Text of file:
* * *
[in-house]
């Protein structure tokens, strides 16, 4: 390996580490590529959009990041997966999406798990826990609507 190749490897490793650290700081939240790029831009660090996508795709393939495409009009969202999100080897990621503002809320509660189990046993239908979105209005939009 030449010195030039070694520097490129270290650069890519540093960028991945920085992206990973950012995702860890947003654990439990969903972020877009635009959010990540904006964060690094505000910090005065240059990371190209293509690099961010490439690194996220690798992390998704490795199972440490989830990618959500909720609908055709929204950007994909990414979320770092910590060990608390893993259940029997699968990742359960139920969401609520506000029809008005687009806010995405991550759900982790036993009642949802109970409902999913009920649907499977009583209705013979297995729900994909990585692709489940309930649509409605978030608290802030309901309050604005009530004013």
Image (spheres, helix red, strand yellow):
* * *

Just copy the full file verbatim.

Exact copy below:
[in-house]
């Protein structure tokens, strides 16, 4: 390996580490590529959009990041997966999406798990826990609507 190749490897490793650290700081939240790029831009660090996508795709393939495409009009969202999100080897990621503002809320509660189990046993239908979105209005939009 030449010195030039070694520097490129270290650069890519540093960028991945920085992206990973950012995702860890947003654990439990969903972020877009635009959010990540904006964060690094505000910090005065240059990371190209293509690099961010490439690194996220690798992390998704490795199972440490989830990618959500909720609908055709929204950007994909990414979320770092910590060990608390893993259940029997699968990742359960139920969401609520506000029809008005687009806010995405991550759900982790036993009642949802109970409902999913009920649907499977009583209705013979297995729900994909990585692709489940309930649509409605978030608290802030309901309050604005009530004013």
Image (spheres, helix red, strand yellow):